Karyn Kusama’s first feature film, “Girlfight,” is an impressive debut, an enthralling story about an urban teen finding her place in life. And that place happens to be a boxing ring.

Diana Guzman (Michelle Rodriguez) lives with her milquetoast brother Tiny (Ray Santiago) and their father, Sandro (Paul Calderon). Their mother died some time ago. Dad plays cards with the boys a lot and raises his kids in a slummy Brooklyn tenement.

While Sandro pays for Tiny to take boxing lessons at the local boys’ club — he seems to know this kid, who wants to be an artist, will have the crap beaten out of him on a regular basis otherwise — he pays little attention to Diana. For her part, she’s prone to fighting in school and caring little about her future (or her present, for that matter).

One day she has occasion to stop by the gym while Tiny is there, and she likes it. She tells the trainer, Hector (Jaime Tirelli), that she wants to take lessons. He says no because she’s a girl, and also because she has no money. Once she steals some from her dad, Hector changes his mind. He’ll train her, but he doubts she can ever actually fight anyone. What man would want to fight a woman?

She’s a natural, of course, and soon gets to have bouts, in part because of some amateur female competitors, but also because of a new gender-blind policy that some of the local boxing organizations are trying out. She also meets the hunky Adrian (Santiago Douglas), another boxer whom she develops a relationship with. (In one of the film’s most surreal — and, in a way, very touching — moments, Diana tells Adrian she loves him while she’s in the ring, punching him.)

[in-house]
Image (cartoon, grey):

“Girlfight” dabbles in several genres known for their cliches: boxing movies, sports movies, movies about lower-income kids beating the odds, etc. Yet it avoids the pitfalls those genres usually encounter, discovering fresh new material in the time-worn plot devices. The matter of Diana’s father’s opposition to her boxing is dealt with in a very realistic manner, for example: Yes, he’s against it, but no, it doesn’t get resolved the way those things usually get resolved in these movies.

One of the advantages of doing an independent film is that you have to shoot on location, because you can’t afford to build sets. As a result, everything in “Girlfight” looks real. The documentary-style camerawork helps with that, but so do the authentic locations: real schools, real inner-city gyms, a real run-down apartment.

Michelle Rodriguez is a newcomer, but don’t expect her to go away. Her work here is as good as many actresses are capable of after a dozen films are under their belts. Diana’s toughness is tempered by an endearing desire to succeed at something. The fact that she succeeds against all the odds dovetails nicely with the film’s success, working against just as many obstacles and coming off just as victorious.

A (; R, abundant harsh profanity.)